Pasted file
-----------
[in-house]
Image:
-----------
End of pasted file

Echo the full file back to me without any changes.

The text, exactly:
[in-house]
Image: